What you need:

1. A thick coloured string of 1 metre long
2. Just follow the steps in the above video
3. If you want to make cuter, smaller knot, you might want to teach your kid to do it. They have smaller hands! Probably can give your kid the coloured string at about 90cm long.

Here are more Auspicious knots that I've made.

These Auspicious Chinese Knots make pretty nice ornaments. You can make them as gifts to friends and relatives during Chinese New Year, or during other auspicious occasions like birthday, as a simple gift to your classmates.

Below is another picture of my Chinese Auspicious Knot that I have just made and the Red Tassel that I usually use for making my Chinese New Year Lantern.

Friday, December 20, 2013


In my previous post, I have shown you a picture of different colour packets. Now I felt so blessed to have different coloured packets in Singapore.

Well, I was trying to make a heart-shaped CNY lantern but somehow, I was quite disheartened when it end up out of shaped. Somehow, I see it look like a strawberry fruit. So I made use of the green packets to make leaves. And now I have got a Strawberry Lantern!

The moral I learnt from the process is: "Don't be disheartened. Be creative and positive, you will get a surprise!"

I wish you would also enjoy the lantern making process with my blog.

Do share with me if you have other good ideas to make use of the different colour packets to make Chinese New Year decorations.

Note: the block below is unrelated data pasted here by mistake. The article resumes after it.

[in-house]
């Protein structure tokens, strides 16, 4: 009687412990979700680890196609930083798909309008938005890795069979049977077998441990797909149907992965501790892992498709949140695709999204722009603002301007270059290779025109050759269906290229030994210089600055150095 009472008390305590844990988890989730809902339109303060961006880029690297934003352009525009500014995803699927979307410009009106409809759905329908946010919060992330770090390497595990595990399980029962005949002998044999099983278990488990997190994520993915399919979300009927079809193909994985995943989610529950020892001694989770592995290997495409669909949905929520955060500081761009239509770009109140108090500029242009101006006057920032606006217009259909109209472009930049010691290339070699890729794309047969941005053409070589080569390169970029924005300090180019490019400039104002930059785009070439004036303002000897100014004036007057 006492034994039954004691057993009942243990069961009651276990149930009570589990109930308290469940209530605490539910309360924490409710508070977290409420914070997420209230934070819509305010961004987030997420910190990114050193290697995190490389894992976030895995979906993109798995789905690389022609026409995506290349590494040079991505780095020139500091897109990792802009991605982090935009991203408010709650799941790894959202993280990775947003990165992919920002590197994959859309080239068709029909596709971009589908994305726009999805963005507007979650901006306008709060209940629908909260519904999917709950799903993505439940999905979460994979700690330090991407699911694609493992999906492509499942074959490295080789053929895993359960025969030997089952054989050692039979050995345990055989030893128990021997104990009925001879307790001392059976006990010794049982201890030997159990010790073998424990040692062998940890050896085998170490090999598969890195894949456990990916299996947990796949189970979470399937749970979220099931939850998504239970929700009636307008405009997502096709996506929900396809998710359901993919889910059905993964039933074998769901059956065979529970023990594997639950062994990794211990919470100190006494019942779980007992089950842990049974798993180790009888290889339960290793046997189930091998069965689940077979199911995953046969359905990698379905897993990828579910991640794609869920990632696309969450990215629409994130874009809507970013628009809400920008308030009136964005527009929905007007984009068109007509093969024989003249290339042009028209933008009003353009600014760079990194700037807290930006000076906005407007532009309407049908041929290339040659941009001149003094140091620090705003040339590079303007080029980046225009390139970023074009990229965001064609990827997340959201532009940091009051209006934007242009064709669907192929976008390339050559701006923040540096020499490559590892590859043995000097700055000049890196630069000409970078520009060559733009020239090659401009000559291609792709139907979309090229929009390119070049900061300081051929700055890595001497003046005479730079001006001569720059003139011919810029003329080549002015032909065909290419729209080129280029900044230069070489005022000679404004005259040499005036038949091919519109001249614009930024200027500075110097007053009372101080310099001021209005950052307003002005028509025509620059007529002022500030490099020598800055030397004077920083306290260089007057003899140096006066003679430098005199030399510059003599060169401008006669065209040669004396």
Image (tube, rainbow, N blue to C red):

Sunday, December 15, 2013


Among the Chinese in Singapore, there is this culture that red packet, which inside contain money, is given during auspicious occasions such as Chinese New Year, weddings, baby first month and even birthdays.
As most of us would have known, RED symbolises auspicious and celebrations for the Chinese.

Probably taking the cue from the Chinese, nowadays, the Malays also place money in colourful envelopes, usually green packets, and give to the children when they go visiting during Hari Raya Puasa. I used to hear from a malay friend who told me that in the past, the adult would simply give money notes or coins to the kids without the envelope. Why is it usually GREEN packets, perhaps is because of this Hari Raya festive delights called "Ketupat" (rice cake wrapped with green leaves), a popular food among the Malay Muslims.

These days, when the Chinese visit our Malay friend's wedding, would also place money in green packets to give to our Malay friend to express our well wishes.

In a multi-racial country like ours, I think giving money in colourful packets is very convenient as we don't have to crack our brains to consider what might be the best gifts to our friends of different races, because our friends could buy whatever they like with the money. Different colours have their symbolism in different cultural.

I'm also surprised to find in a shop, yellow packets for our Indian friends. And we can see from the printed picture on the yellow packets, for wedding occasions. YELLOW is considered auspicious and sacred for Indians. As for the picture of the elephant god "Ganesha", it should be popular among the Indian Hindus when they celebrate Deepavali festive.